A Look Back on The Life of St. Nektarios, Metropolitan of Aegina

St. Nektarios holy relics in Aegina. (Photo by Eurokinissi/Christos Bonis)

Saint Nektarios was born on October 1, 1846 in Selybria, Thrace. At the age of fourteen, he left his home and traveled to Constantinople in search of work and study. By the age of twenty-one, he was considered a theological scholar and devout Christian. After putting himself through school in Constantinople with much hard labor, he became a monk in Chios, in 1876, receiving the monastic name of Lazarus; because of his virtue, a year later he was ordained deacon, receiving the new name of Nektarios.

Under the patronage of Patriarch Sophronios of Alexandria, Nektarios went to Athens to study in 1882; completing his theological studies in 1885, he went to Alexandria, where Patriarch Sophronius ordained him priest on March 23, 1886 in the Cathedral of Saint Sabbas, and in August of the same year, in the Church of Saint Nicholas in Cairo, made him Archimandrite.

Archimandrite Nektarios showed much zeal both for preaching the word of God, and for the beauty of God’s house.

On January 15, 1889, Nektarios was consecrated Metropolitan of the Pentapolis in eastern Libya, which was under the jurisdiction of Alexandria. He was later appointed as dean of the Rizarios Ecclesiastical School in Athens in 1894. In 1904, he began building his convent of the Holy Trinity on the island of Aegina; because his presence there was needed, he took up residence in Aegina in 1908, where he spent the last years of his life, devoting himself to his convent and to prayer.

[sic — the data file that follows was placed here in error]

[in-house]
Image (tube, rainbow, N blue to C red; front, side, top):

Saint Nektarios was a prolific writer, philosopher, poet, educator and theologian. One of my favorite pieces written by Saint Nektarios is on virtue, to which he wrote:

“We ought to do everything we can for the acquisition of virtue and moral wisdom (phronesis), for the prize is beautiful and the hope great. The path of virtue is a path of effort and toil: ‘Straight is the gate, and narrow is the way, leadeth unto life, and few there be that find it;’ whereas the gate of vice is wide and the way spacious, but lead to perdition.”

Above all else, St. Nektarios was a man of profound prayer and modesty, a hard worker who toiled as everyone else around him; no work was ever dishonorable to him. He became the protector of Aegina through his prayers, delivering the island from drought and healing the sick. Although he had already worked wonders in life, an innumerable multitude of miracles have been wrought after his repose in 1920 through his holy relics, which for many years remained incorrupt. There is hardly a malady that has not been cured through his prayers; however Saint Nektarios is particularly renowned for his healings of cancer for sufferers in all parts of the world. Many faithful have turned to him for the grievous illness of cancer, and many have been cured, particularly from the holy oil from his lampada which consistently burns at his grave site in Aegina.

Saint Nektarios passed away on November 8, 1920. The faithful of Aegina, the nuns of his monastery and all Christians who had come close to him, mourned the loss of the meek and empathetic devotee of Christ. His body remained incorrupt for over twenty years, refining a sensitive, heavenly scent; his veneration was officially recognized in 1961, and his name day is commemorated on November 9. The list of his miracles grows longer every day, and his shrine at Aegina is among the most well-known destinations of pilgrimage in Greece.